In 2017–18, after adjusting for age differences , Australians aged 18 and over living in Outer regional and remote areas were more likely to consume sugar sweetened drinks daily (14%) than those living in Major cities (8.3%) (AIHW analysis of ABS 2019a).
In 2017–18, after adjusting for age differences, Australians aged 18 and over living in the lowest socioeconomic areas were less likely to meet the fruit and vegetable recommendations than those living in the highest socioeconomic areas, although the differences were not large:
Australian adults living in the lowest socioeconomic areas were 3 times as likely to drink sugar sweetened drinks daily (15%) as those living in the highest socioeconomic areas (4.4%) in 2017–18, after adjusting for age differences (AIHW analysis of ABS 2019a).
This chart shows that the proportion of adults who did not meet the vegetable recommendation was similar across remoteness areas and socioeconomic areas, ranging from 91% to 94% in all remoteness areas included (Major cities, Inner regional and Outer regional) and from 92% to 94% in all socioeconomic areas.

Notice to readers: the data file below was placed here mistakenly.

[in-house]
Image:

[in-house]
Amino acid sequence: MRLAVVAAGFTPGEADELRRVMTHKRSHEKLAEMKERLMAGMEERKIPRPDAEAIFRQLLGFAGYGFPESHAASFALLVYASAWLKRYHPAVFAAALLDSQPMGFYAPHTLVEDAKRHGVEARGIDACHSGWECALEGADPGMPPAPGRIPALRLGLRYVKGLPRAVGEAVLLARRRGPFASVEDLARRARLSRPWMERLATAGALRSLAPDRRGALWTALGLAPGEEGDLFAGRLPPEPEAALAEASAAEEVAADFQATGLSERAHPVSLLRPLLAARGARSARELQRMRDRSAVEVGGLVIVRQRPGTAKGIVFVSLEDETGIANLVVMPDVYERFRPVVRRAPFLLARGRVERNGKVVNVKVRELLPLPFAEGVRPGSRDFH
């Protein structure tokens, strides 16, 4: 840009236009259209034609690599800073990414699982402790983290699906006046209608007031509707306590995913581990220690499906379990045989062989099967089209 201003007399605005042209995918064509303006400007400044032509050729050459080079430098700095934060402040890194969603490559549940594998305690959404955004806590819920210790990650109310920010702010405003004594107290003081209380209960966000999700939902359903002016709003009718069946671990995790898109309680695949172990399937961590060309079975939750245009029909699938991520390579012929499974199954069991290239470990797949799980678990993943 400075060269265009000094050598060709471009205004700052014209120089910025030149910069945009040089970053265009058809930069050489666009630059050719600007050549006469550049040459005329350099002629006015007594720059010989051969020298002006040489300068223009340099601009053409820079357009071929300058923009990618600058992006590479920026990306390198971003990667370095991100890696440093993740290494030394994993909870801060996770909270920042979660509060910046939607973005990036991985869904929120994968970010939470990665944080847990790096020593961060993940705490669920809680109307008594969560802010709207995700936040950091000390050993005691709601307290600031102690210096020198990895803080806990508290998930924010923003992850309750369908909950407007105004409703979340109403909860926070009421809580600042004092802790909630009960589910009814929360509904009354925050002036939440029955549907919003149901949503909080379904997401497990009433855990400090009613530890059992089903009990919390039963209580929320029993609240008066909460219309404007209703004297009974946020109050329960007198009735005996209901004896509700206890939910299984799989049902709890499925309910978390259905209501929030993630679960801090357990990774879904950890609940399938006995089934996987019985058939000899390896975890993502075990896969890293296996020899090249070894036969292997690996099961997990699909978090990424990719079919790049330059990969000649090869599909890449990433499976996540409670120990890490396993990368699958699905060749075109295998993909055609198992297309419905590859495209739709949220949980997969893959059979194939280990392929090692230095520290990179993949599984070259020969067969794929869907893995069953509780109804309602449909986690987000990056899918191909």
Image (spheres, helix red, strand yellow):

Data are highlighting how public health measures put in place during the early stages of COVID-19 (for example, quarantine, the closure of non-essential services and restrictions on venue capacity) have impacted Australians’ dietary habits.
Opportunity-induced eating and coping with negative emotions (such as stress) might also have an impact on unhealthy snacking behaviour (Verhoeven et al. 2015).
Data from the ABS Household Impacts of COVID-19 Survey showed that:
For more information on how the pandemic has affected the population's health in the context of longer term trends, see ‘Chapter 2 Changes in the health of Australians during the COVID-19 period’ in Australia’s health 2022: data insights.